August 14, 2017 nº 1,895 - Vol. 14

"Happiness is not a goal; it is a by-product."

Eleanor Roosevelt

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  • Crumb

1- Muslim woman wins $85,000 lawsuit after police forcibly remove her hijab in detention. (Click here)


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  • MiMIC Journal

China urges Trump not to worsen situation

China's President Xi Jinping has urged Donald Trump and North Korea to avoid "words and actions" that worsen tensions, state media say. Trump and North Korea have been exchanging hostile rhetoric, with the US president threatening to rain "fire and fury" on the North. But China, North Korea's only major ally, has been urging restraint. A White House statement said the US and China agreed North Korea must stop "provocative and escalatory behavior".


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  • Brief News

New law allowing TV testimony could face legal challenge

Victims and witnesses in criminal domestic violence cases in New Jersey can now testify by closed-circuit television under a new law enacted by Republican Gov. Chris Christie, yet the measure could face legal challenges, according to lawmakers and experts. The legislation passed the Democrat-led Assembly and Senate without any opposition and puts New Jersey in a class with at least one other state — Delaware — to allow television testimony from witnesses of any age. New York is also currently considering similar legislation. Other states allow such testimony for minors. The idea for the legislation stemmed from a desire to encourage victims to feel secure enough to report offenses to officials. But the new law could run afoul of the US Constitution's guarantee that defendants have a right to face accusers in court. The Supreme Court upheld a law allowing minors to testify remotely only narrowly and the court in 2004 strengthened the so-called Confrontation Clause.

No imminent threat of nuclear war

There is no imminent threat of a nuclear war with North Korea, the director of the US Central Intelligence Agency said, despite rising tensions. Mike Pompeo said Pyongyang was moving at an "ever-alarming rate" with its weapons program and another missile test would not be surprising. But he warned that Washington's "strategic patience" was over. Both sides have used hostile rhetoric, with Trump threatening "fire and fury" on the North.

Australian deputy PM reveals he may be New Zealand citizen

Australia's deputy prime minister, Barnaby Joyce, has revealed that he may hold dual citizenship with New Zealand. Dual citizens are not allowed to run for public office under Australia's constitution. Joyce says he will ask the nation's High Court to rule on the matter, after receiving legal advice that he is not in breach of rules. PM Malcolm Turnbull's government risks losing its grip on power if Joyce is ruled ineligible. (Click here)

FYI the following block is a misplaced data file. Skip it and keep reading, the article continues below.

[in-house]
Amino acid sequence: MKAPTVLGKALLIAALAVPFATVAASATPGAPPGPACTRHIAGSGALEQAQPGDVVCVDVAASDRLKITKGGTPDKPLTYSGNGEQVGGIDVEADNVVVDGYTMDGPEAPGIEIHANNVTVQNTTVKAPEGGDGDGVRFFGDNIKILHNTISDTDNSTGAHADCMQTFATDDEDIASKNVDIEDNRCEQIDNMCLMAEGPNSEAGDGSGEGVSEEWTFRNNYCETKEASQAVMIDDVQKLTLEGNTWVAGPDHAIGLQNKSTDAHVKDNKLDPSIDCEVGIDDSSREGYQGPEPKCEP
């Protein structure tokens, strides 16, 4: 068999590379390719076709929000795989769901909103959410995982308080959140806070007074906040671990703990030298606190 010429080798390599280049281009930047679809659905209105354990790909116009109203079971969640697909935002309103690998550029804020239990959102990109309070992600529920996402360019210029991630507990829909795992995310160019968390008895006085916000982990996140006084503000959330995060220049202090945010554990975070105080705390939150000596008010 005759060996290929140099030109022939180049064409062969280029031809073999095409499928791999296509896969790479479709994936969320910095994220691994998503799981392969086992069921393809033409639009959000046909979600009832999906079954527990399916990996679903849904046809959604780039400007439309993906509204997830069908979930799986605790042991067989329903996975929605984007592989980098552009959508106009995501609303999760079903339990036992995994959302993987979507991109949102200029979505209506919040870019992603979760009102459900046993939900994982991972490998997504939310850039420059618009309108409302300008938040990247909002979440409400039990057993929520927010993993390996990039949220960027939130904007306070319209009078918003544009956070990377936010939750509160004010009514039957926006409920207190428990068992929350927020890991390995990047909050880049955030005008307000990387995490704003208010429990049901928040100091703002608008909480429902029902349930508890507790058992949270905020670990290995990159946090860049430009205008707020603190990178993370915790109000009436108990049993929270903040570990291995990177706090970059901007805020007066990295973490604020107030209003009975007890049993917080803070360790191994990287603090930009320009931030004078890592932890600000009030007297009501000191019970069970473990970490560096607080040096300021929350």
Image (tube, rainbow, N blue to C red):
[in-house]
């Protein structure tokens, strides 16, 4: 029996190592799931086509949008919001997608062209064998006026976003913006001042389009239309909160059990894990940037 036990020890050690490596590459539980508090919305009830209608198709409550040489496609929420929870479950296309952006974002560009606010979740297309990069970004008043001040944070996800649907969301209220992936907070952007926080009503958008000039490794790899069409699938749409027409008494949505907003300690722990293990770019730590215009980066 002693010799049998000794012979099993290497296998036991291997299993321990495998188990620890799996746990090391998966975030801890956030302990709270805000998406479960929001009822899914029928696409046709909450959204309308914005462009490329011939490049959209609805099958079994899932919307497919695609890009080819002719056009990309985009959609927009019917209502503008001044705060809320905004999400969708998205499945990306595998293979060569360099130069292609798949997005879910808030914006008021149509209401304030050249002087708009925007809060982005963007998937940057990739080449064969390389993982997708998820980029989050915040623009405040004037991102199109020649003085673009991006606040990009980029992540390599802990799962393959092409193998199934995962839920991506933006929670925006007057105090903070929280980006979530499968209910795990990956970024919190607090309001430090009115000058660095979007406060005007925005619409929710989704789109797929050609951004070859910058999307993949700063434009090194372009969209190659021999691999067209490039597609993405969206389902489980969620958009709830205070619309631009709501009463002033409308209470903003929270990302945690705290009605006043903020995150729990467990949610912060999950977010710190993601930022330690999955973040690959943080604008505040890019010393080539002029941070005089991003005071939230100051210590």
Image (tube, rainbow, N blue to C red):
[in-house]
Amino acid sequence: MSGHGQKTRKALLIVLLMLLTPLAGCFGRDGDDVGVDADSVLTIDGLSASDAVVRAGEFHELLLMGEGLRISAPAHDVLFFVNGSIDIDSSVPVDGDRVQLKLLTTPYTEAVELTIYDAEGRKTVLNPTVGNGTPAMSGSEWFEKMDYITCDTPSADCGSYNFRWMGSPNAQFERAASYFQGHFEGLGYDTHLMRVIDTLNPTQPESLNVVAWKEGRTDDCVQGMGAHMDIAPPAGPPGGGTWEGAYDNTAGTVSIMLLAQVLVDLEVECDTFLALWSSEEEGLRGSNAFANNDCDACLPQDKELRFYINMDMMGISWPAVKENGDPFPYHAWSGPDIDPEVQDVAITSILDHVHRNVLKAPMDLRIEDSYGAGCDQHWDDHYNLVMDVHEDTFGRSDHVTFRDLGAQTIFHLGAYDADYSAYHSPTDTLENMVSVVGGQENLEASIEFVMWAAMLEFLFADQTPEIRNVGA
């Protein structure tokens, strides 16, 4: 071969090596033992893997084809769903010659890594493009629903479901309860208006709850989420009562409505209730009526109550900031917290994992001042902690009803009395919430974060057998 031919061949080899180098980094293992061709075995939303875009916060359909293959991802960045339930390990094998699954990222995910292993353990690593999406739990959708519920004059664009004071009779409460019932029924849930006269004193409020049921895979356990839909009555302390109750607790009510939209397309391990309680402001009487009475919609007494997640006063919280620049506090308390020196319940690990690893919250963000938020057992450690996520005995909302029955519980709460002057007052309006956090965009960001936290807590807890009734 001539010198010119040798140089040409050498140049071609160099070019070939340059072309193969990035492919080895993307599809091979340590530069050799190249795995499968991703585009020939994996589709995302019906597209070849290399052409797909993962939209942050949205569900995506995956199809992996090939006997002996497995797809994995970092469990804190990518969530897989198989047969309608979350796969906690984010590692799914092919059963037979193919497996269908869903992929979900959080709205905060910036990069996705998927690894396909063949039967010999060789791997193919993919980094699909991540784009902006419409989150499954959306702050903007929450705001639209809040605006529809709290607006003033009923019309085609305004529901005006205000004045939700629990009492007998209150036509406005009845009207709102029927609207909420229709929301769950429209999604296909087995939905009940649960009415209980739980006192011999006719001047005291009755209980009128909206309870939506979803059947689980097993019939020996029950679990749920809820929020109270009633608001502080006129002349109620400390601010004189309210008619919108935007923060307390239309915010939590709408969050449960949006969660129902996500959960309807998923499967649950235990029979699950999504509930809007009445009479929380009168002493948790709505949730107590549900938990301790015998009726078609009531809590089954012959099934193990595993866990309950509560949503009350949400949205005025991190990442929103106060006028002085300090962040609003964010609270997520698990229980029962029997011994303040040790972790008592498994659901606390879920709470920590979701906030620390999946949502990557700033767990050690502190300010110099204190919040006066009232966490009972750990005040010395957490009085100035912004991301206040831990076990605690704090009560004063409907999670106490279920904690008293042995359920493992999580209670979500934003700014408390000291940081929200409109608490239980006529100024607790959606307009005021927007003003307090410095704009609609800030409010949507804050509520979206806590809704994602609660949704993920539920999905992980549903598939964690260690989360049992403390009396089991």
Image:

Illinois Governor signs legislation removing statutes of limitations on sexual abuse crimes

Illinois Governor Bruce Rauner signed SB 189 on Friday removing the statutes of limitations on certain sexual abuse crimes. The legislation amends chapter 38, sections 3-6, of the Illinois Criminal Code to eliminate a time guard for reporting felony sex crimes and sex crimes against children. Under the previous code a victim of these sex crimes had to report the crime within 20 years of reaching age 18.

Snapchat registered with Russian regulator 'unknowingly'

Snapchat's parent company says the US messaging app has been registered with Russia's technology regulator without its knowledge. Snap said that the Roskomnadzor agency had unilaterally put it on its register of information distributors. The move means Snapchat will be required to keep all messages for six months and make them accessible to the Russian security services. Snap said it had no intention of complying with the rule. Snap is the first Western social media company to find itself on the list. Whatsapp and Facebook Messenger have not been added. Russia's new data laws require "information distribution organizers" to register with the regulator and store users' data for six months. The requirements come into force next year. Companies must also hand over their encryption keys when asked, in line with Russian anti-terror legislation.

Washington Supreme Court upholds Seattle gun tax

The Washington Supreme Court upheld Seattle's tax on guns and ammunition sales on Thursday. The two individual gun owners and organizations bringing the suit argued that the tax was actually a state regulation on guns, which is prohibited by a Washington state law.

The Fed wants to make life easier for big-bank directors

In a flawed proposal, the regulator would reduce interactions between bank examiners and boards, giving managers more leeway to address internal ills.

  • Weekly Magazine Review

Why General John Kelly Is Trump's Last Hope

Trump's Generals Can Save The World From War

Business Week
China Is Burying Its Cities Under Mountains of Extremely Cheap Bikes

The Economist
Roadkill: The death of the internal combustion engine

Der Spiegel

I mandanti del terore


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